MILAN (Reuters) - Italy’s banks face the prospect of higher funding costs after DBRS put the country’s last “A” credit rating on review citing uncertainty over a referendum scheduled for the autumn on a set of changes to the constitution.
A spokesperson said the unexpected move “irritated” the Economy Ministry of Pier Carlo Padoan, who like Prime Minister Matteo Renzi has said the government would resign if the referendum does not approve the new measures which are central to its agenda.
DBRS rates Italy “A (low)”, making it the only one of the four major agencies whose rating the European Central Bank can use, to keep Italy in the top band for collateral requirements for its lending to banks.
That means a downgrade from DBRS would raise the cost for Italian banks of using government bonds as collateral for taking loans from the ECB.
Padoan’s ministry said on Saturday it is considering whether to appeal against DBRS’s move, which comes outside of its regular schedule of ratings reviews.
“Our opinion is that there is a violation of the rules and we are evaluating whether there are conditions to contest the decision to review the rating outside the regular pre-announced calendar,” a ministry spokesperson said.
DBRS said in a statement it decided to review Italy’s rating as “political uncertainty surrounding a forthcoming constitutional referendum and pressure on Italian banks...pose downside risks to the ratings.”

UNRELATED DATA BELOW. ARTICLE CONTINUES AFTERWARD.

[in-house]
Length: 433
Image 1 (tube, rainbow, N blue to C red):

It also referred to the fragile performance of Europe’s third-largest economy and its high level of public debt-to-GDP.
DBRS’ Fergus McCormick told Reuters that the different factors created “cumulative concerns” and that the referendum on a set was the biggest factor in the agency’s decision.
McCormick said that although the government “has done a tremendous amount... political risk is a real factor.”
Like all review processes, the agency is expected to take about three months to reach a decision.
“If a downgrade were to occur, an adjustment of more than one notch is not likely,” DBRS said. But a one-notch downgrade would reduce Italy from A(low) to BBB (high), robbing of its last A grade.
Under the collateral eligibility rules for ECB’s liquidity loans, a downgrade to BBB (high) would mean banks posting a fixed-coupon 10-year bond would be charged 13 percent of the value of the bonds instead of the 5 percent applied in the higher category.
If DBRS does bring its ratings into line with its peers, Italian banks, known to be the biggest supporters of the domestic bond market, could be driven away from buying their own sovereign debt, thereby pushing up the governments’ borrowing costs as well.
Editing by Hugh Lawson